From the Dim to the Light
Sugar Ray Seales Overcomes
By John J. Raspanti
He’s seen a lot—a Palestinian terrorist group called Black September holding 11 Israeli athletes at gunpoint; the joy on his parents' faces as an Olympic gold medal was placed round his neck; money he earned come, and then go. He’s seen parades, awards and even a day named in his honor.
In 1980, the way he saw the world would become radically different after a fight against a journeyman opponent.
“I was thumbed in the (left) eye,” said Seales. “It was never the same. Things changed. I’ve been in the dim for a long time.”
The right eye wasn’t much better. Sugar Ray Seales was 28. He was advised to quit. He wouldn’t. It’s not in his DNA. Eye operations became as routine as going to the gym.
“I’ve had seven eye surgeries—four on my left, three on my right,” said Seales.
They cost over $100,000—more than Seales made during his boxing career. It wasn’t supposed to have turned out this way. After winning the gold medal, Seales came home to Tacoma, Washington, a hero. He was the man.
“We all looked up to him,” said fellow Tacoma native and 1976 Olympic gold medalist Leo Randolph. “He was our inspiration.”
Seales turned pro in 1973, reeling off 21 successive victories with 12 knockouts. A title shot looked inevitable until he ran into future Hall-of-Famer Marvelous Marvin Hagler in 1979.
“We fought in a TV station,” said Seales. “It was freezing, and Marvin Hagler comes out of the dressing room sweating. We were freezing. So, we got beat.”
Less than three months later, the two southpaws met again. This time the results were different. Two judges scored the fight a draw, while the third had Hagler winning.
“I thought I won eight rounds,” Seales said, without a hint of bitterness. “But that’s boxing.”
Seales soldiered on, meeting hard-punching Eugene “Cyclone” Hart in Atlantic City, New Jersey, nine months later. Seales tried to box, but Hart pressed the action.
“He hooked me in my hip,” Seales said. “He hit me hard—the hardest. Harder than Hagler.”
Seales picked up the NABF middleweight title in 1976, but what he really wanted was a world title. In 1976 he traveled to London to face seventh-ranked contender Alan Minter. The winner might get a shot at middleweight champion Carlos Monzon. Seales was favored to win. The oddsmakers looked like soothsayers in the early going. Seales dominated the opening rounds of the bout, causing Minter to bleed.
He banged Minter with hooks and jabs. Minter had an ugly lump on his forehead. Seales was cruising until a vicious left hand crashed off his chin, knocking him to the canvas. He got up quickly, but his legs were wobbly. Minter attacked until the referee stopped the fight.
Seales was back in the ring four months later. He needed the money. He fought 11 times in 1977, winning 10 of them. He fought all over the United States. The goal was the same—a world title. But it wasn't to be. That dream ended in 1979 when Hagler starched him in the opening round. Four years later, Seales retired. He was 31 and nearly blind in both eyes.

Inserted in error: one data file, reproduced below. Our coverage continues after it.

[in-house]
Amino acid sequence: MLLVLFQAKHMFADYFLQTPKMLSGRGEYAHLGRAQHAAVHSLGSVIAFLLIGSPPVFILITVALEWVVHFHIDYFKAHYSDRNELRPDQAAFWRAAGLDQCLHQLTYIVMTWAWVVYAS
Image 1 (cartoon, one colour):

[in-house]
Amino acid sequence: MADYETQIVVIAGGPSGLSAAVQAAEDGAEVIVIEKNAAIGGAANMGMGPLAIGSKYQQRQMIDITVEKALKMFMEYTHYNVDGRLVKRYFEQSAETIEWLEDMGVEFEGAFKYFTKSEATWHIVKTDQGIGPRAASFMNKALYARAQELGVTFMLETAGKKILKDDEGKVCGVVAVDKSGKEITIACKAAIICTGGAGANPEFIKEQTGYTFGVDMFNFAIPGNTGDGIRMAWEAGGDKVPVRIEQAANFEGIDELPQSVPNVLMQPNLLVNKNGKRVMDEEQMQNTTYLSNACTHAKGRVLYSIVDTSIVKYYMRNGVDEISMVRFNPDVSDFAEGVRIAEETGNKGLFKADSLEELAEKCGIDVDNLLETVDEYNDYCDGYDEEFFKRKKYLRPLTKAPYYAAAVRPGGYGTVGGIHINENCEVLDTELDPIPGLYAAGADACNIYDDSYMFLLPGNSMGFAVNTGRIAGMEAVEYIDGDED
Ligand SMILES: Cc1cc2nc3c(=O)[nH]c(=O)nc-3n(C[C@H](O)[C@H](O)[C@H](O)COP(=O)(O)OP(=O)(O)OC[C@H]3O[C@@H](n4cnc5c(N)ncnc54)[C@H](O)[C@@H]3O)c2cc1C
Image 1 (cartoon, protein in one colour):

With boxing no longer part of his life, Seales bounced around, eventually finding another calling: teaching children.
“It was the Lord's choice,” said Seales. “Muhammad Ali once told me, ‘Service to others is the rent we pay for our room in heaven.'
"The Lord wanted me to teach autistic kids. That’s what made me the person I am today. Everybody was winning. They were learning. I did it for 17 years. They didn’t want me to retire.”
With his second retirement came restlessness. Even with all the disappointment, pain and loss, boxing beckoned. Seales heard the call. He hadn’t lost his passion. He’d give back again by coaching.
In 2008, Seales and his wife moved to Indianapolis. He found a gym that needed a coach. The job wouldn’t pay him a nickel, but that didn’t matter. Money was never his God. Legally blind for years now, he bumped into the heavy bags as he maneuvered around the dingy gym but could see enough to coach. He took on two teams that, the year before, came in third place in the state tournament. The next year they won it all.
“We’ve won nine Golden Glove team championships in 10 years,” Seales said.
Seales was happy and content, but then a miracle happened. A doctor named John Abrams performed more surgery on his left eye.
“I’ve been living in Indianapolis for 11 years,” said Seales. “All those years I’ve been in the dark. The bifocals I had on wasn’t telling me what needed to be told.”
The surgery was performed. Seales was stunned.
“This Dr. Abrams, he took care of me,” said Seales. “I was lying on the couch for three hours. I was out, but a nurse held my hand. The next day I didn’t need my bifocals anymore. I was blind for 11 years with glasses on. Now, I didn’t need 'em.”
“A miracle” is how Seales describes it. He can see his kids now. Long ago he accepted the pitfalls of his life. No need to blame. Move on and teach.
“With boxing, you have to love it,” said Seales. “Focus on what you’re doing, and listen on how to get it down.”
Seales has focused all his life. And now, for the first time in many years, he can really see.
John J. Raspanti is co-author (with Dennis Taylor) of "Intimate Warfare: The True Story of the Arturo Gatti and Micky Ward Boxing Trilogy," an Amazon bestseller, and an expert analyst on The Ringside Boxing Show, a podcast on The Grueling Truth Sports Network.